Our history.

The story of the Retail Trust started at The London Coffee House on Tuesday, 3 January 1832. We now believe this to be the site of the Jamaica Wine House in St Michael’s Alley, Cornhill.


The London Coffee House.


As reported in The Times newspaper the following day, the founding meeting of the Linen, Drapers, Silk-Mercers, Haberdashers, Hosiers & Lacemen Institution (as the Retail Trust was originally known) had “a clear purpose of organising a benevolent union of these trades, to encourage the poor and meritorious of their several bodies.” 

By all accounts it was a hugely invigorating meeting, with bold proclamations and “immense cheering” throughout! The appropriately named Thomas Helps was named as first Chairman of a society designed to aid employees who worked in what was then the predominantly wholesale drapery sector. 

The Times noted: “The founders of the institution were men whose conditions in society, and relations with their mercantile fellow-men, placed them beyond the possibility of having any other view than to establish such a confederacy of good feeling and right principle among the members of several walks of business as would produce a rich and lasting harvest of advantage to others.” 

With Thomas Helps proclaiming the purpose of the institution: “To promote the happiness and interests of those engaged in the trade.” This has become the founding principle that drives the Retail Trust’s cause today. 


Our first Chairman, Thomas Helps, was prominent in both commercial and public affairs. He was the head of a large Mercantile House in London, he also distinguished himself as Treasurer of St. Bartholomew’s Hospital. He was certainly the start in a long line of pioneering figures and royal patronage. 

We believe that Thomas Helps’ youngest son, Sir Arthur Helps was an early Cambridge Apostle, social reformer, literary figure, historian, Clerk of the Privy Council, friend of John Ruskin and trusted advisor to Queen Victoria.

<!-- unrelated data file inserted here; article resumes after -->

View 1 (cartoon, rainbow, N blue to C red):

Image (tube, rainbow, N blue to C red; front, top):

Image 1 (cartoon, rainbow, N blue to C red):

He was also author of The Claims of Labour (1845), valued by many Victorians as it challenged the discursive dimensions of the field of the political economy. In essence, he was interested in bettering the conditions of workers and argued it was incumbent on employers to worry about leisure time of their employees, and that the working day ought to end much earlier so workers would have the time to enjoy their lives. 


The Claims of Labour. 




Marshall Hall and Mill Hill. 



As the 19th century drew to a close, the charity – by now known as The Linen & Woollen Drapers’ Institution – became closely associated with modern department stores. Among the supporters were James Marshall and John Snelgrove of the Marsall & Snelgrove department stores, Peter R Jones, who built his eponymous store on Sloane Square, William and Frank Debenham and David (DH) Evans. 

At this stage the institution decided to take care of retirees from the capital’s stores. President James Marshall donated the four-acre Mill Hill site. With John Snelgrove he constructed the central block of buildings, including Marshall Hall and 50 cottage homes. 

It is often argued that one of the reasons why the Marshall & Snelgrove business flourished at this time was that John Snelgrove was a real pioneer in looking after his staff and keeping them happy. In fact, he was fundamental in the institute of half-day closing on Saturdays. On 14 July 1866 an illuminated hand written plaque was presented to him by grateful employees and you can still find this in the reception at Marshall Hall today. 

As the pace of development of the department store and fashion businesses quickened in the prosperous years in the 1950s and 1960s, the charity – which had been known as The Cottage Homes since the 1920s – expanded its interests nationally with the help and generosity of new pioneers. 

W.H. Eborn established the Leylands Estate in Derby in 1965. Sir Hugh Fraser (of House of Fraser) donated the 14-acre private estate in Glasgow. The Moores family (founders of Littlewoods) created new Cottage Homes in Liverpool and Salford. Today, the Retail Trust cares for over 400 retired retail workers nationally across all five supported-living estates. 


The Cottage Homes. 








Her Royal Highness the late Queen Elizabeth II was our Royal Patron from 1948 to 2022. Over 74 years, Her Majesty was a gracious supporter of the charity, making a number of visits to our estates and joining us for numerous fundraising events.   

Her Majesty’s visits always attracted immense interest and support both from the residents and local communities. We are extremely proud, honoured and thankful to have had such a long history of royal patronage.

In 2001 The Cottage Homes was renamed the Retail Trust we’re familiar with today. One that represents the breadth and depth of support we provide colleagues throughout their careers in retail. From learning and development, to wellbeing, right through to our supported-living estates. 

And while a lot may have changed since our foundation at The London Coffee House in 1832, essentially we remain the same. To create hope, health and happiness for everyone in retail. 


The Retail Trust.